Lessons from a night of terror4 min read . Updated: 27 Nov 2008, 10:58 PM IST
Lessons from a night of terror
Lessons from a night of terror
The memories of Mumbai’s Black Wednesday will haunt us in the years ahead. Pictures of terrorists armed to the teeth striking with precision across the metropolis at carefully selected targets overlooking Gateway of India to cause maximum impact on the national psyche will be etched in India’s bloody history of terrorism.
The sad saga of the death of at least a score brave policemen and 100 citizens, both Indian and foreign, should move our hearts and minds and fill them, not with fear as the terror groups would want, but with a national resolve. The time has come for us to take the issue of terrorism with far greater degree of seriousness than ever before. Kautilya, the statesman sage, warned us millennia ago of the four dangers to the state, of which “those of internal origin and external abetment and internal origin and internal abetment" remain our principal challenge.
Terrorist acts notwithstanding, the popular notion cultivated by effete political leadership and the police is curable. Using the theory of power laws, the frequency of incidents of terror in the country today is one major incident per month. The chronology going back from Mumbai on 26 November to Guwahati in October, Delhi in September, Bangalore, Ahmedabad and Surat in July and Jaipur in May proves the point.
The expertise of terrorist groups seems to be increasing after each attack. Mumbai falls in the class of a military commando operation against soft targets. Guwahati serial attacks needed precision and training. Thus the sophistication of terror attacks is increasing day by day.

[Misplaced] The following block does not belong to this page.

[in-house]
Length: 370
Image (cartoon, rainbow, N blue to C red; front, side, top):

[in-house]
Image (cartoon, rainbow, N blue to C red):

Locating the next target is also not very difficult. The Indian Mujahideen had very clearly indicated as early as in July that the next strike would be in Mumbai. Obviously the state and Central governments failed to take this threat seriously and build the capacity of the police force to face this challenge. In the interim period, the social capital in Mumbai after the insider-outsider controversy had greatly weakened. These were the makings of a soft target the perpetrators of terror were waiting for.
The challenge is not insurmountable. Building political consensus on terrorism is the first requirement. Polarization for votes is a natural process of electoral democracy. But there are red lines that political leaders need to draw and combating acts of terror or violent intimidation, irrespective of religion, caste or creed, is one frontier that cannot be breached.
Intelligence, or the lack of it, is an issue which has been discussed many times over. There is an impression, supported by even high-ranking police officers in the country, that countering terrorism is a grass roots problem. While beat policing is important, unless terrorist groups are penetrated, gaining intelligence about impending operations is impossible. Given that some of these groups are based outside the country, if this has to be a cloak-and-dagger operation, so be it.